Call for papers - extension: "Objectivity in social sciences, a regulating ideal?” Les C@hiers du CRHiDI

Les C@hiers du CRHiDI

Lead by jurists and historians of the University Saint-Louis – Bruxelles, the C@hiers du CRHiDI. Histoire, droit, institutions, société are a scientific peer-reviewed journal published in open access. Its vocation can be found in transperiodical perspective and a tendency to explore interdisciplinary interactions between law, institutions, and society. However, this journal is also interested in the history of all societies and the study of theoretical, methodological, and historiographical challenges of history, especially the history of law.


Today, the expectation of a complete objectivity has become a regulating ideal in every scientific practice of historical and social sciences. Objectivity in the field of History demands that impartiality and dissociation to avoid any deviation or instrumentalization of the historical narrative. Context, preferences, specification of the historian are supposed to disappear behind one construction of some facts in accordance with reality. In an ontological perspective, objectivity can be defined as the independency of an object with respect to the representations structures of the subject who thinks about it. However, on an epistemological point of view, objectivity tends to validate a knowledge which is constructed on proven facts or observations. Finally, the ethical standpoint presents objectivity as the capacity of neutrality of the subject towards the object he thinks of. This last type of objectivity requires the subject to abandon its interests, preferences and beliefs while taking action, in order to elevate itself to some sort of universal perspective (Ouattara, 2017).

Nevertheless, the notion of scientific objectivity hasn’t always been a given, nor has it always had the same meaning (Bredekamp, Dünkel et Schneider, 2008; Cohen, 2011; Latour, 2012; Daston et Galison, 2012). It seems therefore inevitable to regularly interrogate the concept used to legitimize our knowledge, and even more so in the social sciences. How can today’s scientist study ancient societies as well as more recent ones and their norms, without forcing them into our contemporary grids of comprehension? Is it really possible to detach ourselves from our personal standpoint, cultural system and prejudices? In other words, are we capable of using an external point of view to research our subject of study and is that attitude really a requirement to validate any research?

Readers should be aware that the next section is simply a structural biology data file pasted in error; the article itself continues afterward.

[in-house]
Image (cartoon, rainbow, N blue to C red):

In the last decades, the development of the Standpoint theory has reevaluated the notion of objectivity by proposing to consider the minorities point of view as a pertinent knowledge bias to criticize a given system. This theory allows therefore individual experience to constitute a real part in the construction of knowledge and offers new epistemological perspectives while freeing itself from traditional alternatives, between universalism (the subject separates itself from a particular point of view to develop an objective knowledge) and relativism (all knowledge is equal) – with the possibility to build knowledge from a limited perspective.

The goal of this issue of the C@hiers du CRHiDI is to invite young researchers to interrogate the notion of objectivity in respect to their personal research and field of study. Moreover, it will tend to create, thanks to practical applications, a panel of different approaches used in the social and human sciences regarding objectivity.


  • Links between historian practices and militantism/beliefs (For example: feminism, sexual orientation, political standpoint, races and ethnicity, Catholicism, Islam, ecological militantism, etc.)
  • Renewed reading of a body of sources already used
  • Historiographical rereading
  • Implementation of a new heuristic and/or epistemological approach
  • Annotated source edition
  • Choices made as a reduction or opening of the researching approach
  • The search for neutrality and/or factors of subjectivity in the transmission
  • Etc.


Proposals (approximatively 500 words) must be submitted in English or in French, by email to for January 31st, 2022, at the latest. Accepted applicants will be contacted by February 15th, 2022. Publication is planned for winter 2022.